Truman Capote | Critical Essay by Marvin E. Mengeling

This literature criticism consists of approximately 31 pages of analysis & critique of Truman Capote.
This section contains 4,712 words
(approx. 16 pages at 300 words per page)
Buy the Critical Essay by William L. Nance

Critical Essay by Marvin E. Mengeling

SOURCE: “Other Voices, Other Rooms: Oedipus Between the Covers,” in American Imago, Vol. 19, No. 4, Winter, 1962, pp. 361–74.

In the following essay, Mengeling discusses the Oedipal theme in Other Voices, Other Rooms.

Truman Capote's first and most widely acclaimed novel, Other Voices, Other Rooms (1948) germinated in a mind deeply concerned with the power of darkness. Heaped with dreadful psychologies and nightmare terrors, it comes near to resembling a Gothic romance, stylistically nocturnal in the best tradition. It is a complicated work of many motifs, themes and sub-themes, a work which in the fourteen years since its publication has fallen victim to a variety of critical interpretations best described as tenuous.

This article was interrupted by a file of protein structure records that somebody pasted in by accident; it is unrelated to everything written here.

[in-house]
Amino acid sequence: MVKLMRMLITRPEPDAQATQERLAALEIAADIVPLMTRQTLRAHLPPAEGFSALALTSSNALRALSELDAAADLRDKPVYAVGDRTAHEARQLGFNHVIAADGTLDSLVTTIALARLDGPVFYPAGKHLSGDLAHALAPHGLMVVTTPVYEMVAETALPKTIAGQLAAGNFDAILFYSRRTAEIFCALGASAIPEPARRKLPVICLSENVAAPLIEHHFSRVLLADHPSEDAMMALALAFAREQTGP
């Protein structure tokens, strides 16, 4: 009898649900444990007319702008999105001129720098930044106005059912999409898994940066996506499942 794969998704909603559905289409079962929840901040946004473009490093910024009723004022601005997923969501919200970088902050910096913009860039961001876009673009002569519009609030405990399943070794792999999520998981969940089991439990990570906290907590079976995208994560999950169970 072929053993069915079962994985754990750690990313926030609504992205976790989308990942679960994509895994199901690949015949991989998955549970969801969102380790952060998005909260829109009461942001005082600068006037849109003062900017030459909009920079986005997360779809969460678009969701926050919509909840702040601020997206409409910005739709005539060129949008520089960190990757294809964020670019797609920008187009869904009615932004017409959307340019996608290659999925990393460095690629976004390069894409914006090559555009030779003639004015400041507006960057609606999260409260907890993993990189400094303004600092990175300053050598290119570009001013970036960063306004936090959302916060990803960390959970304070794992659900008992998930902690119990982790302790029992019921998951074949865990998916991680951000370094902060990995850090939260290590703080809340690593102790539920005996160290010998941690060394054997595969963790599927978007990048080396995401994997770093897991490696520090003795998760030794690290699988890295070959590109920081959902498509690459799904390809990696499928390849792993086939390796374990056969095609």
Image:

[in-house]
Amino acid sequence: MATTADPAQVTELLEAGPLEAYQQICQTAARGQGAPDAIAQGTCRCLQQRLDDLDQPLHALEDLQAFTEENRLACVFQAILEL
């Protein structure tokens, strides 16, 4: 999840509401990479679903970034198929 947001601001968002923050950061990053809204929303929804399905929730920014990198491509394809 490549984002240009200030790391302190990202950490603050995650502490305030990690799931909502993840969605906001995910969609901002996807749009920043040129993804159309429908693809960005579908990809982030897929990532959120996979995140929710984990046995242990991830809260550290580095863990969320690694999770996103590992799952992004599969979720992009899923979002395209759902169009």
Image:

John Aldridge was the first critic of Other Voices to exploit the theme of a boy's search for a father. Aldridge also utilizes, and within...

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This section contains 4,712 words
(approx. 16 pages at 300 words per page)
Buy the Critical Essay by William L. Nance
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